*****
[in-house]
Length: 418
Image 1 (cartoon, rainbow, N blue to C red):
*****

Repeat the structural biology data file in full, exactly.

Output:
[in-house]
Length: 418
Image 1 (cartoon, rainbow, N blue to C red):